CCHS hosts 7-on-7 camp

Published 4:06 pm Friday, June 29, 2018

Chilton County High School hosted a 7-on-7 football camp on June 28 with Thorsby and Isabella also taking part.

The camp provided all three teams a chance for players to work on skills and allowed for further evaluation by the coaches.

“We’ve got a good group of guys, and they’ve been working their tail off this summer, but we’re still in the process of learning how to do those little things that it takes to win,” CCHS head coach Tal Morrison said.

Although skill position players are often the focal point of a 7-on-7 format, offensive linemen from each school also participated in certain drills.

The linemen worked on technique and showcased their strength by pulling tires.

Timing is crucial between a quarterback and receiver. Being on the same page can result in a touchdown, while being out of sync can result in a pick six.

“I thought for the most part we had pretty good effort,�� Isabella head coach Tate Leonard said. “There was times for coachable moments, where our body language got down, and we had to pick it back up.”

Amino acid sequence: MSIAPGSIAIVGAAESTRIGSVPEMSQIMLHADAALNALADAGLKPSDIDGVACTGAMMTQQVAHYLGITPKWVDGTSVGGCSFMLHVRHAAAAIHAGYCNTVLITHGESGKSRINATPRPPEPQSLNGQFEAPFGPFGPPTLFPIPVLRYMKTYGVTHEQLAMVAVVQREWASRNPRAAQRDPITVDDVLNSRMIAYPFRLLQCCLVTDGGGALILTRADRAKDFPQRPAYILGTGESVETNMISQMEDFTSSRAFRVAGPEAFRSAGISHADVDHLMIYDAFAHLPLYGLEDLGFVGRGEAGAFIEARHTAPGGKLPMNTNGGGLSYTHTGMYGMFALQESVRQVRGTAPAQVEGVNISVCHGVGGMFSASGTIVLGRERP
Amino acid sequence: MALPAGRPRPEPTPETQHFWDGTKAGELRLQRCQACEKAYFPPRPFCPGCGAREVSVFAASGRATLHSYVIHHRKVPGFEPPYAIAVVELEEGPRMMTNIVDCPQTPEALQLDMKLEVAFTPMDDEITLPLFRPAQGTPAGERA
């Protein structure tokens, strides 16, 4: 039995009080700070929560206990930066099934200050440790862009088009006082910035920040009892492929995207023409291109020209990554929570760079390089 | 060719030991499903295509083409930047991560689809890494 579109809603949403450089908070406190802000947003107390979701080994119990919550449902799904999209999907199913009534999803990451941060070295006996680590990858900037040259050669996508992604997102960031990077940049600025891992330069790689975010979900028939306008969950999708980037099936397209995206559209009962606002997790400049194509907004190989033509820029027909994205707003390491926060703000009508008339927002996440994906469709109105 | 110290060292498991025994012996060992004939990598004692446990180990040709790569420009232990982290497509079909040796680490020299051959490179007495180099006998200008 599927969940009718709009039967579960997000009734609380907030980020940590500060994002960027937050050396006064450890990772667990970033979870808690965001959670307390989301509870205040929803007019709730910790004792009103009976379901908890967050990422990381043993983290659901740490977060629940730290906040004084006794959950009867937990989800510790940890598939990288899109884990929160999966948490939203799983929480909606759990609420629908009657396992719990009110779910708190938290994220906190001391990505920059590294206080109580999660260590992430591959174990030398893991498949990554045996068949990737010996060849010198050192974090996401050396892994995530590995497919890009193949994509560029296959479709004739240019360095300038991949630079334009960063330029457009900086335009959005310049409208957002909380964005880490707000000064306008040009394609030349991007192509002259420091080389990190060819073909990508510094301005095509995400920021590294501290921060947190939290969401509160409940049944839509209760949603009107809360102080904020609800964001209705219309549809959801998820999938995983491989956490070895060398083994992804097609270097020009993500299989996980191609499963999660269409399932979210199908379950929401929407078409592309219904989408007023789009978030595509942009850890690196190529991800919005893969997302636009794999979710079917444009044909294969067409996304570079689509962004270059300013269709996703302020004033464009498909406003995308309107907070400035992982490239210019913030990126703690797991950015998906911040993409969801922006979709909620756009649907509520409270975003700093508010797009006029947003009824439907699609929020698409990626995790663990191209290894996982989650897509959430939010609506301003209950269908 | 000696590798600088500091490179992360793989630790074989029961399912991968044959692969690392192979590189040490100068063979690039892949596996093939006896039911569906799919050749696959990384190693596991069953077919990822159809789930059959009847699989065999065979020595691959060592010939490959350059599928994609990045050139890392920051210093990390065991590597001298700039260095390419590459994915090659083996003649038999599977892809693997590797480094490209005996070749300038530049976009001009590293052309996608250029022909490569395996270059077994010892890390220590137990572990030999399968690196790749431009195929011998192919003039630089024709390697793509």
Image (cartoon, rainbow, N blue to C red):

Isabella continues to search for a new starting quarterback after the graduation of Jaqarise Stacy.

Jarrett Baker and Cole Atchison are battling for the spot. Both players received similar reps during the camp and moved the ball for scores at various times.

“We’ve got a bunch of new faces,” Leonard said. “Basically, anytime you can compete, that’s what I’m looking for.”

Thorsby and CCHS are confident in their primary signal caller with Christian Fortner and Shi-Keem Laister respectively.

Another positive from the camp was the practice that the secondary units received from opponents that were running different plays than what they were used to going up against in practice.

Unlike CCHS and Isabella, it was Thorsby’s first time going up against another team after holding an intersquad scrimmage as its spring game.

“It gives them a good idea of what they have to go back and work on,” Thorsby head coach Daryl Davis said.

According to Morrison, the summer is the time of year when players are on their own a lot, and it is up to each individual player to have the initiative to study the game and work on the techniques every chance they get.

“I want us to be a program and a team that does things the right way,” Morrison said.